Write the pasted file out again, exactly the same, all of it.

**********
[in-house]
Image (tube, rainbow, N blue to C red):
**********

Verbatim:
[in-house]
Image (tube, rainbow, N blue to C red):